All three of Brahms’ sonatas for piano are early works, and the
third of the series is the longest of all his solo piano compositions.
Unusually cast in five movements, it opens with an uncompromising
gesture propelling the listener into a first movement which, with
the self confidence of youth, is a bold and ambitious essay in
sonata form. The drama is inexorable in its growth and development,
and even if we feel the mature Brahms would have fashioned a more
subtle close than the massive chords used here we can only marvel
at the strength of purpose of so young a composer. The slow movement
is prefaced by some lines from a poem by C. O. Sternau telling
of two hearts united as evening falls, and indeed Claudio Arrau
held the view that this movement was rivalled only by Tristan
as an expression of erotic love. The Scherzo is bluff and strong,
making the longer note values of the trio all the more affecting.
The fourth movement, Intermezzo, carries a German subtitle, Rückblick.
This means a backward look or glance, here, the second movement
revisited but with a foreboding, almost funereal aspect. The Finale
has a Hungarian flavour, albeit a subtle one, with a main theme
featuring the composer’s favourite three against two rhythms.
The second contrasting theme is a cantabile melody which
becomes the material from which Brahms builds his coda. One faster
section succeeds another at breakneck pace leading to an exhilarating,
was born in 1964 and is currently Director of Keyboard Studies
at the Guildhall School of Music and Drama in London. He has
made several recordings, but this one, which first appeared
on the Tring International label, is the first I have heard.
It is excellent. There are interpretations of the sonata with
more fire than here – I’m thinking in particular of Antti Sirrala’s
remarkable performance on Ondine – but you’d be hard pressed
to find one as poetic as this, and given that Brahms’ rather
youthful impetuosity can easily become relentless I think I
prefer a reading which tends towards that aspect. Technically
faultless, O’Hora also demonstrates total control of the sonata’s
his recital with six glimpses into that extraordinarily intimate
inner world which is Brahms’ shorter piano music. The most immediately
striking difference in the composer’s manner concerns texture:
it is frequently impossible to pick out the melodic line in
these pieces where figuration, pulse and harmonic movement are
more important. A strong vein of melancholy is evident, too,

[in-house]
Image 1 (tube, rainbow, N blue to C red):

even in the more lively pieces which rarely close in optimistic
mood. Deeply rewarding, they receive very sympathetic performances
The first of
the Op. 117 pieces – like the slow movement of the sonata on
this disc – is headed with a quotation from verse, in this case
from Herder’s translation of Scottish folk songs. The words
fit the gently lilting melody, and the simple harmonic accompaniment
perfectly complements the lullaby text. On the other hand, the
first of the two Op. 79 Rhapsodies is a turbulent affair. A
gentler middle section leads to a return of the opening music
which, in turn, rises to a dramatic and passionate climax. All
conflict seems to have evaporated, however, in the tranquil
closing coda in the major key. Not so the second Rhapsody –
note that O’Hora does not play them one after the other in his
recital – which, after a similarly stormy and troubled journey
closes in the deepest gloom.
The melodic line
is easily perceived in the A major Intermezzo, and how subtly
the composer varies the harmony of the opening when it returns
after the triplet accompanied middle section. This is music
of the utmost tenderness. The Intermezzo in E flat minor inhabits
a totally different world. Based on the tiny three-note motif
heard at the outset, harmonic resolution is delayed throughout
the first page, arriving only at the end of the first paragraph.
A second paragraph reaches similar conclusions. After a ray
or two of hope as the music turns to the major key, the piece
eventually closes in an atmosphere as introspective and hopeless
as any in all of Brahms.
The disc closes
with the Rhapsody in E flat major. This begins assertively,
and other ideas include the transformation of this main theme,
pianissimo, before its real return leads to the impressive,
bravura coda. We might imagine that Brahms, in his final published
piano music, deliberately sought a positive finish. If so we
should not forget that this piece, like Schubert’s Impromptu
in the same key, begins brightly but closes firmly in the minor,
grimly determined but with clouds gathering.
I have only praise
for the playing of Ronan O’Hora in these pieces. In addition
to the qualities he shows in the sonata he also demonstrates
here his mastery of those two subtle and elusive qualities so
important in Brahms’ shorter piano works, texture and rubato.
The recording is fine, but perhaps the occasional hardness of
tone, which must be my only criticism, has its origin there.
The disc is presented with two thoughtful essays, one by the
pianist, and is a fine bargain.